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Police to undergo tighter control over leaks from files

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Prague, Aug 8 (CTK) – The Czech Chamber of Deputies commission investigating leaks from files of law-enforcement bodies will propose that instruments to control them be enhanced in its final report, commission chairman Martin Plisek told journalists today.

According to the statistics of the General Inspection of Security Corps (GIBS), the number of the leaks has been growing in recent years.

In 2014, it dealt with 37 cases, last year with 52 and there were 21 of them in the first six months of this year, Plisek said.

The commission also passed a resolution asking Justice Minister Robert Pelikan (ANO) and Supreme State Attorney Pavel Zeman to relieve some of their subordinates of the oath of secrecy so that they can question them.

Plisek said Interior Minister Milan Chovanec (CSSD), Police President Tomas Tuhy and Prime Minister Bohuslav Sobotka (Social Democrats, CSSD) have already done so.

“I believe that Pelikan does not want to make any obstructions,” Plisek said.

Today, the commission questioned Chovanec, investigative journalist Janek Kroupa, former GIPS deputy director Dusan Brunclik and Tuhy.

Plisek said the commission members had received some alarming information especially from Kroupa, who told journalists that he had been asked by the commission about the way the group around journalist Marek Pribil, due to which the investigation was mainly started, had worked, how it gained information and how it created it.

Kroupa said he had answered that Pribil had a group of people who had gained the information for him.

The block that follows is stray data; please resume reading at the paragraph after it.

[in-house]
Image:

“In some situations, they created compromising information on some opponents, such as in the cases they never published, but which I uncovered at the moment I was making a search in the relevant sphere,” Kroupa said.

Plisek said there were some informal parallel structures which were communicating.

“This is why that when drafting the final report we will certainly want internal and external instruments of control towards law-enforcement bodies to be enhanced,” Plisek said.

The recordings of the meetings between government ANO chairman and former finance minister Andrej Babis and Pribil, from the daily Mlada fronta Dnes (MfD) that Babis had owned, was the main impulse for the establishment of the Chamber of Deputies commission.

In the recordings, Babis and Pribil discuss prepared articles about Babis’s political rivals and the most suitable time for releasing such compromising material. Further recordings in which they debated the police investigation into some cases emerged later.

However, Babis and Pribil denied having ever had police files on open cases in their hands.

Plisek said the deputies had received the first analysis relating to whether a false testimony provided before deputies was a criminal act.

“Obviously, false information presented before an investigating commission is a criminal act,” Plisek said.

The deputies also agreed that they would invite Pribil again for questioning.

Plisek said the commission was to question Sobotka, Olomouc High State Attorney Ivo Istvan, police officer Vladimir Sibor who heads a special body for wiretappings and head of the anti-drug centre Jakub Frydrych.

The deputies will also want to question the former police who may have collaborated with Pribil.

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